Richmond, Va.: I was laid off once and the employers lied and said I was fired for misconduct. I got on my state's Web site where they post records of hearings. I wrote down the requirements to win and read for key phrases in the cases that won. I stressed that they had NO PROOF of misconduct. And the hearing the clerk asked them for documentation of my misconduct and they had none. The onus is on them to prove what they're arguing. If they can't the employee wins.

Waye Vroman: This is important: the burden of proof is on the employer in misconduct cases. If the employer cannot provide documentation of earlier personell actions (warning, placed on notice) the employer usually loses in the hearing.


Washington, D.C.: I am technically a "partner" in my business, and am self-employed. However, unlike other "partners," I have no guaranteed tenure, no particular role in management of the business, make no capital contributions, and accept 100 percent direction and control from senior management (our partnership is structurally unequal). Also, my compensation is far below that of senior managing partners.

If I am let go and it isn't for cause, am I eligible for D.C. UI?

Waye Vroman: If terminated you should file for UI. The agency will have to make a status determination, i.e., if you are an employee or not. If you are an employee (regardless of what your "partners" say) you may be eligible for benefits.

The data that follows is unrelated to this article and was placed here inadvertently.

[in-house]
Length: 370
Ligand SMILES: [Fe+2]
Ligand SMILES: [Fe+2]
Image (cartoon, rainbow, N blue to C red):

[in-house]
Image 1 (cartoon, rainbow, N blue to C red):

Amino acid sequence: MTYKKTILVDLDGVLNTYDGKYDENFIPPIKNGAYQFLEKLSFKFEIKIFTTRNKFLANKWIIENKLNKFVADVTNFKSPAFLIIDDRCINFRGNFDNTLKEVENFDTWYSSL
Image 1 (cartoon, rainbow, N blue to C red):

Reston, Va.: How does the process work in Virginia? If I file an unemployment claim, will someone in the state call the HR department for the firm I worked at? What questions are asked? Does the HR department typically route the call to the employee's manager? Does the state require the company to fax them paperwork? Is the process standardized?

Waye Vroman: The claimant's application includes a description of the circumstances of the job separation. The information is sent to the employer on a standardized form. If the descriptionf by the employer and the worker differ, the state agency has to decide how the separation took place and if the separation was disqualifying.

The agency works under tight deadlines and the employer must provide a response quickly, otherwise the agency makes a decision without input from the employer.

What happins inside the company is a matter of company policy and probably differs from firm to firm.

_______________________ This concludes our discussion with Wayne Vroman. Thank you for joining in.